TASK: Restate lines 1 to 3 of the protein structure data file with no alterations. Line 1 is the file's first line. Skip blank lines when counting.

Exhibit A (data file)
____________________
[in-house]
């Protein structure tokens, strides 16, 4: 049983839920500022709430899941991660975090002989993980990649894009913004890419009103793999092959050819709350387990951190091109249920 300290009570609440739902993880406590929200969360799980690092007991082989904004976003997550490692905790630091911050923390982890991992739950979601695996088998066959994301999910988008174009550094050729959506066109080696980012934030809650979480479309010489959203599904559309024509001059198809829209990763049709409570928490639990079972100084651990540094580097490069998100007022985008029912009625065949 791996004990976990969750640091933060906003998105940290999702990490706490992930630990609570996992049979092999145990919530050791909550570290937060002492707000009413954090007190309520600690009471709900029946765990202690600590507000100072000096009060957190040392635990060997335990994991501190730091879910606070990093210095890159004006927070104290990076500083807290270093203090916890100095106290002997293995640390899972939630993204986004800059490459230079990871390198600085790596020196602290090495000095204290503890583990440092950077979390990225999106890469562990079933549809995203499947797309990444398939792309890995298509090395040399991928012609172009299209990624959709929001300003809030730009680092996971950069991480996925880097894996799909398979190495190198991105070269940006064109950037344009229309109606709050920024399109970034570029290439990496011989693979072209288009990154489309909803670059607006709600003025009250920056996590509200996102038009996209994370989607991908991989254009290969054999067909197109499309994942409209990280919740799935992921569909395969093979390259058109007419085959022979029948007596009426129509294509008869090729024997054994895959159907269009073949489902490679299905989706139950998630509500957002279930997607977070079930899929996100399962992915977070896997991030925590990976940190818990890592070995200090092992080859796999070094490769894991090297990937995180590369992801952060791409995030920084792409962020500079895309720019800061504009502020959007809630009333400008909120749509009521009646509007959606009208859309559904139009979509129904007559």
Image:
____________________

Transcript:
[in-house]
């Protein structure tokens, strides 16, 4: 049983839920500022709430899941991660975090002989993980990649894009913004890419009103793999092959050819709350387990951190091109249920 300290009570609440739902993880406590929200969360799980690092007991082989904004976003997550490692905790630091911050923390982890991992739950979601695996088998066959994301999910988008174009550094050729959506066109080696980012934030809650979480479309010489959203599904559309024509001059198809829209990763049709409570928490639990079972100084651990540094580097490069998100007022985008029912009625065949 791996004990976990969750640091933060906003998105940290999702990490706490992930630990609570996992049979092999145990919530050791909550570290937060002492707000009413954090007190309520600690009471709900029946765990202690600590507000100072000096009060957190040392635990060997335990994991501190730091879910606070990093210095890159004006927070104290990076500083807290270093203090916890100095106290002997293995640390899972939630993204986004800059490459230079990871390198600085790596020196602290090495000095204290503890583990440092950077979390990225999106890469562990079933549809995203499947797309990444398939792309890995298509090395040399991928012609172009299209990624959709929001300003809030730009680092996971950069991480996925880097894996799909398979190495190198991105070269940006064109950037344009229309109606709050920024399109970034570029290439990496011989693979072209288009990154489309909803670059607006709600003025009250920056996590509200996102038009996209994370989607991908991989254009290969054999067909197109499309994942409209990280919740799935992921569909395969093979390259058109007419085959022979029948007596009426129509294509008869090729024997054994895959159907269009073949489902490679299905989706139950998630509500957002279930997607977070079930899929996100399962992915977070896997991030925590990976940190818990890592070995200090092992080859796999070094490769894991090297990937995180590369992801952060791409995030920084792409962020500079895309720019800061504009502020959007809630009333400008909120749509009521009646509007959606009208859309559904139009979509129904007559």
Image: